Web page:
Everybody chill out.

That’s the advice I freely give Canadian politicians — especially the leaders of the parties and their most vocal MPs — as the country heads into a federal election campaign.

Maybe with an exclamation mark.

Everybody chill out!

No mudslinging. No name calling.

Just state your platform, make your pledges, shake some hands, kiss some babies, and get your picture in the paper.

See you on voting day.

Yes, you might say I’m a dreamer: Canadian federal politics have been particularly nasty for the past two months. All signs are pointing to a nasty election campaign, and a mere “Chill out” call isn’t going to achieve much.

Even if they heard/read it and took it to heart, it might take the party leaders months to approximate anything close to even a temporary zen state through meditation. Justin Trudeau and Andrew Scheer are so amped up and in each other’s faces these days, it won’t be long before they’re slugging it out like the schoolyard boys they are.

They need some instant zen.

I suppose it would be further unrealistic of me to recommend that the leaders and their closest MPs and advisers should ingest some psilocybin once or twice a week during the campaign and use its meditative qualities to, at the very least, reflect upon some of their public dialogue both spoken and as-yet unspoken.

Psilocybin, it seems, and meditation affect the same parts of the brain, according to a report on the Ultraculture site, in turn citing Science Daily. Both, especially used in conjunction, can bring about “more lasting positive changes to traits including altruism, gratitude, forgiveness and feeling close to others …,” reports Wikipedia.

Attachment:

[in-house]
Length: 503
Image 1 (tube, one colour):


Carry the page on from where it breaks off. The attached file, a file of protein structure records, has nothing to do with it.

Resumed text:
But psilocybin gets you there faster, if only for a relatively short period of time. It’s time enough, though, to review the day’s events and dialogues. “OMG, did I say that!”

Alas, consuming those types of ‘shrooms is probably illegal.

And too trippy.

Think sitars, White Rabbit, All You Need Is Love, Fool on the Hill . . .

Actually, that sounds like the beginning of a very groovy scene, but it’s too utopian for today’s strait-laced Parliamentarians, with some exceptions, I’m sure.

But cannabis might work. One can consume it without feeling the need to hug everyone on the planet, yet still come away with a greater sense of altruism. And a greater self-awareness of the public speaking process.

Maybe treat the opposition with respect.

So, bottom line: All Canadian MPs should toke/smoke/vape up together before Question Period in the House of Commons, and see how it goes.

Peace and love all around?

Or would it be mudslinging business as usual?

— Jillian